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FATE PLAYS ITS HAND IN OUR LIVES

The Biology of Luck - Jacob M. Appel

This is one of the oddest novels that I've ever read. At 207 pages, it isn't taxing on the reader's time and, on the whole, is well-written. 

'THE BIOLOGY OF LUCK' is set in New York City around the end of the 20th century and into the first few years of the 21st century. It's either a story within a story or rather, a story superimposed upon another, which is perhaps closer to the truth because they are both centered on 2 of the novel's central characters.

 

Larry Bloom is a guy in his 30s who works as a NYC tour guide. He's nondescript and would be seen by most people as unattractive and unremarkable because he is, and he knows that. But there is a woman he has known as a friend for 2 years with whom he has fallen in love. For her, he has written a novel -- part of which is played out across several chapters carrying within their titles the words 'The Biology of Luck - Chapter -- by Larry Bloom' --- which revolves upon her and one which Bloom sent to a major publishing company, who had sent him a letter by way of reply - a letter he has yet to open; Bloom hopes it will be 'the Ace up his sleeve' in his bid to win her heart. The woman of Bloom's dreams is Starshine Hart, a 29 year old woman noted for her beauty and for moving to the beat of a different drummer.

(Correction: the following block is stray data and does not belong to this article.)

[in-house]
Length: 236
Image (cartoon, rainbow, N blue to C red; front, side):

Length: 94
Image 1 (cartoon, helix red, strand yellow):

Bloom's hopes for lasting happiness or everlasting despair hinges on a date he has with Starshine at an Italian restaurant in Greenwich Village. 

For any reader of this review with the slightest curiosity as to what 'THE BIOLOGY OF LUCK' is about, the following remarks from the book, I think, best sum up what it's about: "A day that began on the sleepy streets of Harlem will end in a dash to the finish. The soles of Larry's feet throb after hours of walking; his throat burns from wasted words; his clothes bear the scars of smoked eel and pickled herring. In less than twelve hours, he has saved the life of a pompous buffoon, failed to rescue a beautiful maiden, and abandoned a corpse to the mercies of the news media. An overbearing journalist has kidnapped his bouquet. ... It has been the most traumatic day Larry has ever experienced, a whirlwind of dreams extinguished and hopes renewed, but what makes this snippet of June so inconceivable is that the two greatest challenges are still to come. He may yet be an author. ... All depends on whether Starshine, glorious Starshine, will wait for him."

On the whole, 'THE BIOLOGY OF LUCK' is a decent novel. But not one to get overly excited about.